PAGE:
Up trends and down trends in stocks can persist from several weeks to several years. A stock in an uptrend such as Dow component Boeing Co. will advance upward above its 40 week MA in a zigzag motion caused when it runs upward from the MA corrects down to the MA and then repeats the pattern over and over until the up trend comes to an end. Investors who are long the stock may reduce when the stock is “too far” above the MA and subsequently re-acquire the stock when it returns to support at the MA. New investors should never buy a stock when it is “too far” from the MA but rather enter when the stock returns to the MA. The problem is to define what “too far” is in terms on per cent.

What we are actually doing here is measuring volatility. I have found that volatility is normally higher in the micro-cap technology and resource stocks that typically trade under $5. It is not unusual for a copper or gold exploration company to trade up to 100% to 150% above the 40-week MA before a corrective period sets in.

A mid-cap industrial will rarely run above 50% above the 40-week MA and the larger caps will rarely run 20% above the 40 week MA and stock indices usually max out at the 10% level above the MA

To-day we will look for any stock that “returns to support at the MA” and fails to rebound by breaking down under the 40-week MA and possibly setting up a new down trend. A filter run last night at the close of March 22, 2010 selected over 25 issuers over the price of $3 that have just traded under their 40-week or 200-day MAs. To my surprise the list was populated by gold stocks. In other words we have a birds-of-a-feather sector failure. One example is Goldcorp a stock that is owned and loved by the BNN “experts” as set out on

One wonders if they all own and love Goldcorp, who is left to buy?

Sunday, March 14, 2010

Let us talk some more Bull

In a previous posting I noted there is no precise definition of a bull market and so I reasoned that if we could identify a bear market we could resolve the bull market argument. This logic is based on the fact the we can’t have a bull and a bear market operating at the same time. I then defined a bear market to be a major index as measured by the S&P500 or the S&P/TSX60 that posts a new 52-week low within a 26 week window. Our last new 52-week low was posted over a year ago and so with the bear gone, welcome to the 2009 – 2010 bull!

Unfortunately the investors out there who are enjoying the current bull still have to endure the endless stream of doom-and-gloom dribble that is served up by the financial media. Last week I scanned a Globe and Mail item Thursday, Mar. 11 entitled “The bear: Dead or just sleeping?” The contributors were the usual bears who have so far missed the 2009-2010 bull and in desperation try to talk the markets down so they can get on board. Are we are to believe this is a bear market sent temporarily into hibernation because the market “has glossed over the harsh realities that face the markets”? The “harsh realities” are credit bubbles, rising interest rates and possible threat of a double-dip recession that could utterly derail the market recovery.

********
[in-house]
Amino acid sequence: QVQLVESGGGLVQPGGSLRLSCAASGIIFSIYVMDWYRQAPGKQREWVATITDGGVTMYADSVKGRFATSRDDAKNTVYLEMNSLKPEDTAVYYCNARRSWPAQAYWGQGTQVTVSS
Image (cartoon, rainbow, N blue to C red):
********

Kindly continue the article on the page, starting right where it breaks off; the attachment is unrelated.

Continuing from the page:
Ok here is a “harsh reality”, firstly bear markets do not fall asleep or hibernate and the markets always lead the current reality. For example the current reality is a news item “Canadian bank profits top $5B” Tuesday, March 9, 2010 CBC News Total profits for Canada's six biggest banks surged to $5.3 billion in the first quarter as loan losses fell and their domestic operations flourished. Those profits are about 75 per cent higher than they were in the first quarter last year when the world financial meltdown was in full swing. The harsh reality is the bank stocks bottomed a year ago in spite of the “harsh reality” at the time which was a pending total collapse of to-days modern financial system. The markets as usual got it right.

The best way for investors to handle any bull market is to work with the three phases of the bull. The first phase is the non-belief period when the first advance is thought to be a bear market rally. At this time you can buy anything – just throw a dart and get invested. The second phase is the logical period, a period of rising prices along with improving fundamentals – a sign the worst my be over. The third and final phase is the recognition period, a period of recognition the old bear is dead and we do indeed have a new bull market. Sideline cash begins to look for lagging stocks that were forgotten during the logical advance of the second phase

Last week I ran a stock scan or filter seeking stocks that were breaking up out of a 10-week price channel and seeking out overlooked stocks that were “hibernating” or base building. Our chart is the weekly closes of one selection, Sherritt International Corporation (TSX-S) spanning about 100 weeks. I have overlaid the 10-week price channel and some relative analysis work. For a list of selections follow this link: